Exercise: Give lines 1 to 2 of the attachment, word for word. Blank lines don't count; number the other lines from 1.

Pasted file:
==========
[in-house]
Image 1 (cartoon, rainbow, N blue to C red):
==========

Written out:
[in-house]
Image 1 (cartoon, rainbow, N blue to C red):